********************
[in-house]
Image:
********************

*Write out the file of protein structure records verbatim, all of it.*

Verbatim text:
[in-house]
Image: